• If it’s suspicious report it to security@tulane.edu.
  • Hover over links with your mouse cursor to find suspicious links.
  • Watch for warning signs like EMERGENCY or URGENT that are meant to scare you into responding.
  • Tulane will never ask you for your password!

Try an interactive game to identify phishing here: Click Click Phish

Microsoft Filtering

Technology Services works closely with Microsoft to filter incoming messages. Read the details here.

When phishing and spam do get through, we notify Microsoft with the relevant information. Users can assist by sending any offending message along with header information to security@tulane.edu.

See this Knowledge Base article for instructions on how to locate the header information in an email message.

Compromised user accounts - Protect your account credentials

In many cases the phishing messages that are getting through to users are the result of a compromised Tulane account – a student, faculty or staff member unwittingly gives up his Tulane password to a scammer, who then uses that legitimate Tulane account to spam or phish other Tulane users. The scammer will change the user’s password, lock him/her out of the account, and send phishing messages to thousands of Tulane recipients in seconds.

Access to other systems

Once a scammer has your credentials, they also have access to other important systems such as Canvas, Gibson, Box and every other system that accepts a Tulane username and password.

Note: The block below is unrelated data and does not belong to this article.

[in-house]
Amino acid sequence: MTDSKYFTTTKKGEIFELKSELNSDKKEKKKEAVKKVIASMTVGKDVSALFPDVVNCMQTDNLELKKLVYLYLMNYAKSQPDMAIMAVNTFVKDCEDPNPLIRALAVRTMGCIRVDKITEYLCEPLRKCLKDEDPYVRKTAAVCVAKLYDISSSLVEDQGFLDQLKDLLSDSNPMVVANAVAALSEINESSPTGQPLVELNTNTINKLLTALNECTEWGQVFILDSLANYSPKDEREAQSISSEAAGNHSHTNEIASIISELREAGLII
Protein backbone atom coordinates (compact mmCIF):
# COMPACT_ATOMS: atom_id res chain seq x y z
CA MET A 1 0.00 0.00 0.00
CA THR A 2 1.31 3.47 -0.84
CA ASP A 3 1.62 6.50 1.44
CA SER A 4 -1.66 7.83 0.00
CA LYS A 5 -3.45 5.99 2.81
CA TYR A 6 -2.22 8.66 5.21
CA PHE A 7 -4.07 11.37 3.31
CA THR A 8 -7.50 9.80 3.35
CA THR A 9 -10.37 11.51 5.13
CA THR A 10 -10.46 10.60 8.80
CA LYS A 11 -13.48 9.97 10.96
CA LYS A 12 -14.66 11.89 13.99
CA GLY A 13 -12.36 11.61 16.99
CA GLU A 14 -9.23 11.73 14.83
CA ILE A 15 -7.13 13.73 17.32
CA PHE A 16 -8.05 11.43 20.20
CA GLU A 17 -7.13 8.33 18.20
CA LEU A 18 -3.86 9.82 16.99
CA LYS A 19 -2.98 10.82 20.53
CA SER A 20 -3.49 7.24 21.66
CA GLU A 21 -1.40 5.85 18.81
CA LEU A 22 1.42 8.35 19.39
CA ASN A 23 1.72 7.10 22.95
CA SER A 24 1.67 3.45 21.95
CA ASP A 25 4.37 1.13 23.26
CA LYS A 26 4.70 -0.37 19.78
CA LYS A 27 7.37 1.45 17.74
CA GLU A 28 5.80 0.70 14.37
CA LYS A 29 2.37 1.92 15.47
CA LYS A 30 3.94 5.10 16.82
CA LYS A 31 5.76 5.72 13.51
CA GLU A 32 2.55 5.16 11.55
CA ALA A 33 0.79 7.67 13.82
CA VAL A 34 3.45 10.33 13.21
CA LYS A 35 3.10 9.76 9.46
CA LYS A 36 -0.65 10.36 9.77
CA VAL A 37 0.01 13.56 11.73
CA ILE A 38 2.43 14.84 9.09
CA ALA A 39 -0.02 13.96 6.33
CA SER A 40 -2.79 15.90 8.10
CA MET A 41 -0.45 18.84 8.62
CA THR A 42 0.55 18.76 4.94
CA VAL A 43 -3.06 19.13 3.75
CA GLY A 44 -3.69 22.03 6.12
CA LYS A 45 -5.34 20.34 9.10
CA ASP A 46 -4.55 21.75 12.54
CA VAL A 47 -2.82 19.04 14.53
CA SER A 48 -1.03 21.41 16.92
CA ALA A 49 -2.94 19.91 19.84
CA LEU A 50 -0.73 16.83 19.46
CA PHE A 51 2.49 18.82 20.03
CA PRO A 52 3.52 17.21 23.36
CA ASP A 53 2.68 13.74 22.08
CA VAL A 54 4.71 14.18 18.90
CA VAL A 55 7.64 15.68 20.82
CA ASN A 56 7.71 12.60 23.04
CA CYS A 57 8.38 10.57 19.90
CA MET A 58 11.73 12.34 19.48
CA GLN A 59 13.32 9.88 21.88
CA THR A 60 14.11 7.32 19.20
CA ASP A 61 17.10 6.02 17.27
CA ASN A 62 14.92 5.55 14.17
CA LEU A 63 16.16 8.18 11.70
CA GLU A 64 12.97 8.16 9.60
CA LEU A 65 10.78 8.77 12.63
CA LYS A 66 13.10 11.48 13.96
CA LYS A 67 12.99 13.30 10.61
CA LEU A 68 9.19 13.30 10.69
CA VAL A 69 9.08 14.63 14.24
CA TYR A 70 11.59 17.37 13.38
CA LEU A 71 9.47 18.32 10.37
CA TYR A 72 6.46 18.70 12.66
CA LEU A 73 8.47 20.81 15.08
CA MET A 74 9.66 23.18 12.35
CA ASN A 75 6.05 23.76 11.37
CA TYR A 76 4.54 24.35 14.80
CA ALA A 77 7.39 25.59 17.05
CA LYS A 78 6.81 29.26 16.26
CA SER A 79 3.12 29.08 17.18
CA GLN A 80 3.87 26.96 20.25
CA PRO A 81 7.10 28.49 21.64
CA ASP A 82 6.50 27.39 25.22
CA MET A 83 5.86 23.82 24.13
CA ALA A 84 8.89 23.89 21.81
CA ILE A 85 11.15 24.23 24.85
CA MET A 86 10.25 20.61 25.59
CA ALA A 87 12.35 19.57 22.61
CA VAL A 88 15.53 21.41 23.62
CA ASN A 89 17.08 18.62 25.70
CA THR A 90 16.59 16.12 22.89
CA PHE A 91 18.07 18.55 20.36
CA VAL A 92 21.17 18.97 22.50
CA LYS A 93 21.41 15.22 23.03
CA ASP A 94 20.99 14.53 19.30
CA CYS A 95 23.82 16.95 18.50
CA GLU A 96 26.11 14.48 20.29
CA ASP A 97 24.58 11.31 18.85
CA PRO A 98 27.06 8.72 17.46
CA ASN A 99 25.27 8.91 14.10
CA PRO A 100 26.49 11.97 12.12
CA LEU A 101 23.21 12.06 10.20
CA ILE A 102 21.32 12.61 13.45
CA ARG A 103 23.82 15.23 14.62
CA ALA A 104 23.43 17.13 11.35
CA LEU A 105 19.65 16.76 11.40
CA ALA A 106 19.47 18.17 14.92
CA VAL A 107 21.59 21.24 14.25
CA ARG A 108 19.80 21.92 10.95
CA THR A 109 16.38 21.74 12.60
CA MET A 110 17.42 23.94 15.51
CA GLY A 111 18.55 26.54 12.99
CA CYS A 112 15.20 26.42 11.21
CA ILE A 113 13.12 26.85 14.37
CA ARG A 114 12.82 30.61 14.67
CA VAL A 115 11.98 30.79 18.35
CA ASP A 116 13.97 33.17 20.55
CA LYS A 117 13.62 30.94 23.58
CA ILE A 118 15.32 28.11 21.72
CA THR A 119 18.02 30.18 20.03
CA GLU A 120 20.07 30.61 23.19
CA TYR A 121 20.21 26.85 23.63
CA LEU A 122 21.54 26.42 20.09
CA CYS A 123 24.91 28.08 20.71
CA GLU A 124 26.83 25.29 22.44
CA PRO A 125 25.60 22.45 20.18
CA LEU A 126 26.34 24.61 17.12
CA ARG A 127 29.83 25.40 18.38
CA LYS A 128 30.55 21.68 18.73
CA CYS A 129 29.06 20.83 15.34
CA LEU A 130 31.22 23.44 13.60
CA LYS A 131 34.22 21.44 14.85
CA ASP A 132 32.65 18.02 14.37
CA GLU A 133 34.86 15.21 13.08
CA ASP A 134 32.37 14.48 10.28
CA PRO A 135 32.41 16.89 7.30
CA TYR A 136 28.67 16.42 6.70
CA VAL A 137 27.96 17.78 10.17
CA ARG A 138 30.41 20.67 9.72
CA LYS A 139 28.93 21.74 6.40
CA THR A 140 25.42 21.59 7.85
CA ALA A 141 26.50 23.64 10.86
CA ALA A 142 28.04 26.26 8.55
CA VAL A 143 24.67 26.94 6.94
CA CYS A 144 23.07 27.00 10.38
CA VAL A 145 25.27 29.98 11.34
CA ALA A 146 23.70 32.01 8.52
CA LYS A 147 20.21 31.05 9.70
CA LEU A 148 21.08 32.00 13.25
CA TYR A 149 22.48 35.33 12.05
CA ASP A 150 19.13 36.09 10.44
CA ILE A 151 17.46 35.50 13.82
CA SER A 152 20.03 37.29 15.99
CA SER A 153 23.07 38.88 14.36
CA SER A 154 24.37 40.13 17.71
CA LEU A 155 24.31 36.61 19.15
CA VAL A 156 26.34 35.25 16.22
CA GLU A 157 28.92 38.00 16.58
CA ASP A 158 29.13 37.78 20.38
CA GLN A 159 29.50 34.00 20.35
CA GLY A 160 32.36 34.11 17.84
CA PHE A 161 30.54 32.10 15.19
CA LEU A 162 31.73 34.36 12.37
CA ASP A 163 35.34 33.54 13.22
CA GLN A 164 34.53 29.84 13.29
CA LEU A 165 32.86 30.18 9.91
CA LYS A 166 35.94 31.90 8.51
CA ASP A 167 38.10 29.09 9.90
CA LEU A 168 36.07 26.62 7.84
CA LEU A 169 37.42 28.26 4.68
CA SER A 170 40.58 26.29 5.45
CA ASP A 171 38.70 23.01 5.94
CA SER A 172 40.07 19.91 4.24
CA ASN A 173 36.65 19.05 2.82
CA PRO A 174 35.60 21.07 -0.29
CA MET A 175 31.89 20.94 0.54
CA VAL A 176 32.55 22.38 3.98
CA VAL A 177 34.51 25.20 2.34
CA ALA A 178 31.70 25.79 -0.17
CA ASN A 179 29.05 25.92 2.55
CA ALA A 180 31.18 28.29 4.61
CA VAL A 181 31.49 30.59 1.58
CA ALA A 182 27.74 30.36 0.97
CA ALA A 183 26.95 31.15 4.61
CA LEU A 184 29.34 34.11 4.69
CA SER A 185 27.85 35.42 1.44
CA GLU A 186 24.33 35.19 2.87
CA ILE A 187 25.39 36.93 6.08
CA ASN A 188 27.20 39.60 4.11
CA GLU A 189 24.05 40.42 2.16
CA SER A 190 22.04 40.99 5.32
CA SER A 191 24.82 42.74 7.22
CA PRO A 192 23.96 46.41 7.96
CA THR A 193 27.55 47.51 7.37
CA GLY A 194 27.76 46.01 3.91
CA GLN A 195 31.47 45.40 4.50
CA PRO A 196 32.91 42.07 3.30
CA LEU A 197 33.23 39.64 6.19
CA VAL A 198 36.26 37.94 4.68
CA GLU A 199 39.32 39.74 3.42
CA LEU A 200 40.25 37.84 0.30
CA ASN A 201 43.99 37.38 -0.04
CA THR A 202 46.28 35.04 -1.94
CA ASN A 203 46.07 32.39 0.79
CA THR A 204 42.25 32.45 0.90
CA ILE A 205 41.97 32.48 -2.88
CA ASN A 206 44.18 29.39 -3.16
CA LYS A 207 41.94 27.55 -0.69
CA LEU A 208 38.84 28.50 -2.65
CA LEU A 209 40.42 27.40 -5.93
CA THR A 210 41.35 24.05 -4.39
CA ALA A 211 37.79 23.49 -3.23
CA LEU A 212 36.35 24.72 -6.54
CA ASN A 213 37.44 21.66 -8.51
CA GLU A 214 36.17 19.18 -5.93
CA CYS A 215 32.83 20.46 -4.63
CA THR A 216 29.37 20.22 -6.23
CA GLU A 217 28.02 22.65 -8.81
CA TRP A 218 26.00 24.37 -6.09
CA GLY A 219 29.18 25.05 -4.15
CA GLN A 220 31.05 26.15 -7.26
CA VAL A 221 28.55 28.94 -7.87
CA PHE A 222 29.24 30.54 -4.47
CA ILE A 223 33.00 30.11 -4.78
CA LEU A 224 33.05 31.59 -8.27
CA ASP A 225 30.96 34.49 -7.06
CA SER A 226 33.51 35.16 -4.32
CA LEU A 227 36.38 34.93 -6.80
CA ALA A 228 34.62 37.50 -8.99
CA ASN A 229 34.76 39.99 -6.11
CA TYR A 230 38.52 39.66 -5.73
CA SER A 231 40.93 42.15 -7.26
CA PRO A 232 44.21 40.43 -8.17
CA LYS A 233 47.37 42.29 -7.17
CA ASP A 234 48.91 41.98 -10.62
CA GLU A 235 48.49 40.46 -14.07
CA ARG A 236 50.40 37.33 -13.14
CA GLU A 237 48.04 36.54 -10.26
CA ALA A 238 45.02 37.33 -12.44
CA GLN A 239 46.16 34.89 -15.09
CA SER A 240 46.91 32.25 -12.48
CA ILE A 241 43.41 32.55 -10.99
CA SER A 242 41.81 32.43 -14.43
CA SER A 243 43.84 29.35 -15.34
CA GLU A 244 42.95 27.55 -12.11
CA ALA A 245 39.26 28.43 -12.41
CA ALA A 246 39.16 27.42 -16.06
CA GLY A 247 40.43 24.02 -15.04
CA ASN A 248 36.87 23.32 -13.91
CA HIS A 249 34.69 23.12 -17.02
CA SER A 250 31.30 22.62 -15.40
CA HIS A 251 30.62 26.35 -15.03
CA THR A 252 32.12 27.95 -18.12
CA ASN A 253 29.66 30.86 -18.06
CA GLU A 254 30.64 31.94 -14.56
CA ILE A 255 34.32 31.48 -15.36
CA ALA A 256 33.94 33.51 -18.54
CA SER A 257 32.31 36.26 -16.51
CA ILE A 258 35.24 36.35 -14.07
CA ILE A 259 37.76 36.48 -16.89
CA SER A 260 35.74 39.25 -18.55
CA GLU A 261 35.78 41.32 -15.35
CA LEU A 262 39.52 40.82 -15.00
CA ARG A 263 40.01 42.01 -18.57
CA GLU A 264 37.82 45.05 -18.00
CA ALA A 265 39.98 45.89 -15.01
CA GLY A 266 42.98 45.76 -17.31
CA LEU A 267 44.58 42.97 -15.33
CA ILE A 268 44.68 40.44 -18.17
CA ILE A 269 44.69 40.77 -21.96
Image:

More About Phishing

See the following Knowledge Base articles related to phishing and secure computing:  

Security Training

Technology Services is pleased to offer Tulane faculty, staff, students, and affiliates access to security awareness on-line training. These interactive modules make it easy to keep yourself safe online, to protect your data, and stay on top of security issues.

These short and informative modules cover HIPAA, FISMA and FERPA standards as well as important topics such as Social Networking and Mobile Device Security. These videos are helpful for anyone who uses a computer.

These easy to use training tools are available through the Training Wave at Gibson online:

  • Log in to gibson.tulane.edu
  • Click on your role (student, faculty, staff)
  • Click on "Training Wave" in the left-side menu
  • Click on "Course Catalog"

All courses with Course IDs beginning with "TIS" are part of the security awareness training series

Security Strategy

Click here to download full document